Now if it's not an absolute or strongly low cost bid scenario, if it's what we are starting to see more of where they weigh heavily on if they feel it's a more feasible solution or if they feel it offers the most value (even if not the cheapest), then it make be well worth your time to find the end user who is still high enough to be a decision maker or on the committee, you can educate them on the available enhancements that can be had after the bid is one which weren't in the initial requirements.

Agree: 1
Disagree
Informative
Unhelpful
Funny

The question I have in that case is what does "support" mean?

Does it mean the software will handle 1,000,000 readers without upgrade? Does that mean I should use an Enterprise level license, for example, instead of a lower tier version which will handle only what they're asking for on this project? After all, the platform will handle it, and they didn't specify "without additional cost."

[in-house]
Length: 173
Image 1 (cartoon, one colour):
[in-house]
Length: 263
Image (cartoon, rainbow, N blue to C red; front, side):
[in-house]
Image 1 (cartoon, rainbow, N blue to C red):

Does it mean the hardware will support 1,000,000 card readers without upgrade?

These are all vastly different things with vastly different price points and even writing it unambiguously is difficult. And trying to do the right thing so you're not being outbid but also serving the customer is equally hard.

Agree
Disagree
Informative
Unhelpful
Funny

The definition of 'support' is also a good point. That needs to be qualified to explain what type of support is expected / required.

Agree
Disagree
Informative
Unhelpful
Funny